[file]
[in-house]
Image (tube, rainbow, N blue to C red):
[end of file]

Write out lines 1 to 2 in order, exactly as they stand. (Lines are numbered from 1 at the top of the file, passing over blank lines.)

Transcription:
[in-house]
Image (tube, rainbow, N blue to C red):